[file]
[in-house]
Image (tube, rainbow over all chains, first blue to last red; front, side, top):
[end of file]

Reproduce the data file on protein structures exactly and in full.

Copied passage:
[in-house]
Image (tube, rainbow over all chains, first blue to last red; front, side, top):